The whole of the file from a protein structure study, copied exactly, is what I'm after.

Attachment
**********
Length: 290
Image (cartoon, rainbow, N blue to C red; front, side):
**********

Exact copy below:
Length: 290
Image (cartoon, rainbow, N blue to C red; front, side):